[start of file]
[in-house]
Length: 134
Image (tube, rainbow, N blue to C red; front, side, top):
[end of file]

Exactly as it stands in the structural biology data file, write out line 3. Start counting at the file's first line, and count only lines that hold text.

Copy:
Image (tube, rainbow, N blue to C red; front, side, top):